Once the prince of Formula One and holder of all the "youngest ever" records, Fernando Alonso will head to Brazil this week battling to keep pace with the sport's new king of speed.
The two-time world champion Spaniard will also be leading Ferrari's forlorn fight to finish as runners-up in the constructors' world championship, having secured that position for himself in the drivers' title race with his fifth place finish in Sunday's United States Grand Prix.
Like most competitors and observers at the Circuit of the Americas, Alonso, 32, doffed his cap to Sebastian Vettel after the 26-year-old German had registered another record-breaking feat in winning his eighth successive race for champions Red Bull.
But behind his dignified show of respect for the supreme team and four-time world champion, he was struggling physically and mentally.
Regarded by many as the finest racing driver of his generation, Alonso has seen his potential to win for Ferrari reduced almost systematically by the stunning speed and reliability of Vettel and Red Bull.
Yet in bringing his Ferrari home to claim second in the championship, Alonso demonstrated again his deep resources of courage and commitment in the most difficult circumstances.
Alonso raced with his body taped up to reduce the pain from his back and the headaches that have dogged him since his 25-G impact on the kerbs in Abu Dhabi two weeks earlier.
Some drivers might have withdrawn from the fray, particularly on a day when Vettel added more lustre to his legend. But not Alonso.
"I'm tired, very tired," he said afterwards. "I didn't have good preparation for this race physically. I was one week on the sofa or in bed with headaches.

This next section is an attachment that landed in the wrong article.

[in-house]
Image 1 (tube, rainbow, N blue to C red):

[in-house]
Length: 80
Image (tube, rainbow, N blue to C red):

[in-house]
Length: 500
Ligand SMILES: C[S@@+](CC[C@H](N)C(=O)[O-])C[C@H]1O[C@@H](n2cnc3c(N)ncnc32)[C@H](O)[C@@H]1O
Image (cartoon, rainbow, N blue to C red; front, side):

"The race was demanding. It was not an easy race. I had to fight all the way through, so physically I feel tired now. I felt stressed all weekend from all the battles.
"Hopefully I can feel a little bit better in Brazil, less tired, enjoy the weekend a little bit more, but there are still some targets to do with the constructors' championship for us.
"So it's not as if we race for fun in Brazil. It may seem like that from the outside - that there's nothing more to fight for, you go to Brazil to race and have fun - but there's a lot of stress and a lot of pressure on these weekends for the team and we'll all try to do as well as we can."
The fatigued Ferrari team, without a win since Alonso triumphed in Spain in May - will continue to compete for second place against Mercedes and Lotus, knowing that it could be worth several million dollars in prize money to succeed.
Alonso, however, virtually conceded defeat to Mercedes in the fight for second place after Sunday's race saw them slide further adrift in third, by 15 points.
"We wanted to close the gap a little bit in the constructors' championship," he admitted. "That was our goal, but we did not have the pace this weekend to do that and we lost points again while Lotus got closer.
"But there's nothing we can do at the moment. We don't have the pace, we were too slow all weekend. We fight to be in Q3 and we fight to be in the points on Sunday.
"So we need to do better in Brazil if we want to fight for second place - but I think we need to be more realistic and know that fighting for second place in the constructors' was a dream and maybe that dream is difficult to come true."